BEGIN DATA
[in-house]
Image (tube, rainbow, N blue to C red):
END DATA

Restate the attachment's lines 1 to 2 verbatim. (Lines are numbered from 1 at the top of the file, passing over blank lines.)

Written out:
[in-house]
Image (tube, rainbow, N blue to C red):